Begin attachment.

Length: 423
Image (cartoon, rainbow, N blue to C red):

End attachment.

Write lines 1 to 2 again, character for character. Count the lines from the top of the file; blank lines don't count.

Length: 423
Image (cartoon, rainbow, N blue to C red):